Prince William, Kate Middleton and Prince Harry launch new film series

The series is part of their Heads Together campaign

heads together campaign
(Image credit: REX/Shutterstock)

The series is part of their Heads Together campaign

Words by Megan C. Hills

Opening up about mental health can be hard, but Prince William, Kate Middleton and Prince Harry’s latest efforts aim to make the conversation a little easier. As part of the royal's Heads Together campaign to fight the stigma around mental illness, a short film series named #oktosay has been released. It features twelve interviews with mental health sufferers, including rapper Professor Green, and focuses on the moment they reached out for help.

‘When you realise that mental health problems affect your friends, neighbours, children and spouses, the walls of judgment and prejudice around these issues begin to fall. And we all know that you cannot resolve a mental health issue by staying silent,’ the Duke and Duchess of Cambridge said in a joint statement.

Spanning different conditions, people and relationships, the series encourages individuals not to suffer in silence with the tagline ‘Two heads are better than one’. Each deeply honest chat shines a light on why it can be difficult for people vocalise their mental health struggles, as well as why it’s important to do so to look after yourself.

The royals' celebrity mental health videos include Alistair Blair, former director of communications to Tony Blair, who said he ‘couldn’t talk’ at the height of his alcoholism with consequent breakdowns that included an act of self-harm where he began punching himself in the face in public. In another video, model Adwoa Aboah spoke to her mother Camilla Lowther about hiding her depression (which led to a suicide attempt) and how in hindsight she couldn’t ‘believe it was that simple’ to receive help once she’d opened up about her condition.

Professional footballer Rio Ferdinand and his agent Jamie Moralee also spoke openly in one video about the sportsman’s bereavement, following the death of his wife Rebecca Ellison from breast cancer in 2015. Talking about what those close to mental health sufferers can do, Moralee said, ‘I think my job as your pal is to step in at those moments and say are you alright mate? Is there anything I can do, do you need to talk?’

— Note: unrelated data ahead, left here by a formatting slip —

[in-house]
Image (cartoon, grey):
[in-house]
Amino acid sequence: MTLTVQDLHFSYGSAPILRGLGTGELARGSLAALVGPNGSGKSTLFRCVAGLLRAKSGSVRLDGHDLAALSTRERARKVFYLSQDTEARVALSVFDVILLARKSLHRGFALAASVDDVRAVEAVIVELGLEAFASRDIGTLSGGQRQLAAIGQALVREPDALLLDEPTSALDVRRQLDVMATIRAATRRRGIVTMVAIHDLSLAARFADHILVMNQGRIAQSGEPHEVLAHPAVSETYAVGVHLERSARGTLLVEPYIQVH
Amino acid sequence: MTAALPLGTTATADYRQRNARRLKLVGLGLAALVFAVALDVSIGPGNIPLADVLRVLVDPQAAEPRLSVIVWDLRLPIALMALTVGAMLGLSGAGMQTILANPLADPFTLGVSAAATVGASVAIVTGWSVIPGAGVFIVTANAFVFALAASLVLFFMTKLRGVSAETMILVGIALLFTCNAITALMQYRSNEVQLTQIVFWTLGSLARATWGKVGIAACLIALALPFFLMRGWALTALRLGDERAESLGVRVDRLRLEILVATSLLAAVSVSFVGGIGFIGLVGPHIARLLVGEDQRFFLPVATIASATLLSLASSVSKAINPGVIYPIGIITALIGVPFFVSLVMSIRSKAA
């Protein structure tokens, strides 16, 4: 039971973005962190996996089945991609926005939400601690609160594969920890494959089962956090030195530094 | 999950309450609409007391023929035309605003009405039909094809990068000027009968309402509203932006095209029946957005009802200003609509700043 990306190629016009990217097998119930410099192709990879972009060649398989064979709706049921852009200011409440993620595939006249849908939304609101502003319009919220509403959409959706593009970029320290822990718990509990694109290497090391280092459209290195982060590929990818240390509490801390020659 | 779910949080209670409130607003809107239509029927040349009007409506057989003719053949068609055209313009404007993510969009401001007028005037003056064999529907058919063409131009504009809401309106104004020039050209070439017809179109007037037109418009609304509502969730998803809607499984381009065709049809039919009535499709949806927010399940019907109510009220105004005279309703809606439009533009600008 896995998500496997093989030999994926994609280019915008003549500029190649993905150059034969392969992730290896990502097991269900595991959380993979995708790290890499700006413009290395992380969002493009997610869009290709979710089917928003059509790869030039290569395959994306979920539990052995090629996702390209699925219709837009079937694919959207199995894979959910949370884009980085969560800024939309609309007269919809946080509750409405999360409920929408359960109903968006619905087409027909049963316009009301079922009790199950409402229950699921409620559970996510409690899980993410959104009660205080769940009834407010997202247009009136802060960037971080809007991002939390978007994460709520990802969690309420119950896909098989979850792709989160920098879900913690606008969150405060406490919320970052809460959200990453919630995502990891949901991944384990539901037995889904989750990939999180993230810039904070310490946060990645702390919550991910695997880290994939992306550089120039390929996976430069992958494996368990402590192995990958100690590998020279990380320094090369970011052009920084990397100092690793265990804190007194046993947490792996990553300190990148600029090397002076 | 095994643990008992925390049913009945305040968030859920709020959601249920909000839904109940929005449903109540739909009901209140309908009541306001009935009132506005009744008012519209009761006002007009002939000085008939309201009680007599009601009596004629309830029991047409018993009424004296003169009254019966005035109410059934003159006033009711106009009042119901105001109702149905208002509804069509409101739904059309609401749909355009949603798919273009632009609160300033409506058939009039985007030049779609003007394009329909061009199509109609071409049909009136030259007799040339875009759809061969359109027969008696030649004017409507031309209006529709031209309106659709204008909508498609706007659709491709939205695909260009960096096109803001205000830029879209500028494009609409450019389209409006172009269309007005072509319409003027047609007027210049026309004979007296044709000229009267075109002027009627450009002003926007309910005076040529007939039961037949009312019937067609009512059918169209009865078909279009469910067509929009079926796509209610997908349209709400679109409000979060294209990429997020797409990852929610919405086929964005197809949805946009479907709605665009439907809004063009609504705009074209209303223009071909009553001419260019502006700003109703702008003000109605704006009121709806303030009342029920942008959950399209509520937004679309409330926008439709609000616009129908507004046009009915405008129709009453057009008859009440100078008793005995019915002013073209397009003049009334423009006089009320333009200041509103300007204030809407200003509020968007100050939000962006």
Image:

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Partnering with charities such as the Anna Freud Centre and Professor Green’s male suicide prevention initiative CALM, the Heads Together campaign has sparked a national conversation about mental wellbeing in the country and proceeds from the Virgin Money London Marathon will go towards the charity.

A January survey conducted by YouGov stated that at least two thirds of the British population know someone with mental health problems. YouGov also released statistics to Heads Together that out of 5000 people polled, eight out of ten people diagnosed have found talking with others about their struggles has helped them.

heads together campaign

(Image credit: Tim Rooke/REX/Shutterstock)

The royals said of #oktosay, “Attitudes to mental health are at a tipping point. We hope these films show people how simple conversations can change the direction of an entire life.”

Heads Together has compiled resources for those suffering from mental illness, which can be accessed here.

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